Posted by Kevin Loker | Posted in Commentary | Posted on 28-05-2010
Twitter, as great as it is for getting news out quickly, has some complications news media has yet to master.
A quick overview of correcting errors in headlines across different mediums:
Print: You have layers of eyes that read over the paper before it goes to print. You ideally don’t make a mistake in the headline. If you do, you print a correction in the next issue. Most people pay attention to your correction box, because it’s in a regular location and they see it as they browse the rest of your publication.
While damage control is unwanted, it’s possible because of the format.
Web: You probably have a few less layers of eyes that read over your headline before you hit publish, but in most cases, you still have some. You ideally don’t make a mistake in the headline. If you do, however, you can change it by updating the page. Most news outlets will make note of major changes somewhere on the page, because not many people will regularly seek out a correction box on your Web site.
Monkey Wrench #1: A lot of your readers aren’t going to return to any particular story make sure everything they’ve already read is still right. We assume whatever is published is accurate.
Nonetheless, thanks to the format, while damage control is unwanted, you can at least make it visible should anyone decide to return.
Twitter: You probably have one – maybe two – sets of eyes that read over your headline before it’s tweeted. You ideally don’t make a mistake in the headline. If you do, you can’t change it. Most news outlets will send out another tweet noting the correction, because as in any medium, it’s common practice that errors can’t be left completely unattended.
Monkey Wrench #1 still applies. People aren’t going to scan your Twitter feed for corrections. But there’s also…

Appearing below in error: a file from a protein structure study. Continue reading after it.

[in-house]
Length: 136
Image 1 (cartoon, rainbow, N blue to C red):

Monkey Wrench #2: Twitter is live, and people are using it as their news source. More and more, people will use the information they get in 140 characters or less on Twitter as their knowledge source for the day, without visiting an actual news site (and let alone picking up something in print). This is not what everyone does, but as we grow more and more wired to technology and “instant information,” it is important to note that some do. I know many people, including sometimes regrettably myself, who will retweet news material without clicking through the link. Is this ideal? By all means no. But it is a cultural practice.
When put in combination with the format of Twitter, factual or just misleading errors can have far-reaching impact on the general populace.
[EDIT: Twitter user @DevonSchreiner makes a valid point-- on the Twitter site, you do have the option to delete a tweet. You can make the mistake "go away" there. This doesn't appear to be the case, however, with tweets appearing in application feeds like those of Seesmic or HootSuite. Once they're there, they seem to stay, at least for awhile. Moreover, it's after the damage is already done. The "live" nature of Twitter should be the media's main concern.]
“So what, Kevin? Isn’t it common sense that making errors in a profession where your job is to report the facts a bad idea?” Of course. But because of the technology and the habitual use that accompanies it, the stakes are higher. If we the media flub up on Twitter, and my generalizations about the mass public are right, mistakes make the immediately public in the dark when they think they’re most up-to-date. Depending on the situation and error, that could be a little issue or it could be a life-threatening one.
1) This doesn’t affect media gurus. People who inhale news and track it with keywords in HootSuite will know when a mistake is made, they’ll see the correction, and they’ll be “in the know.” The problem lies in the people who don’t focus on news 24/7 (which may be hard to imagine, as we do nothing but that).
2) A degree of responsibility still lies in each individual in your audience. Just as it’s an individual’s own actions that lead them to a correction box in a print publication, it’s an individual’s own actions that make them knowledgeable or ignorant about any given news story. Nonetheless, we shouldn’t expect them to keep tabs in the same manner we do. It’s our job, not theirs.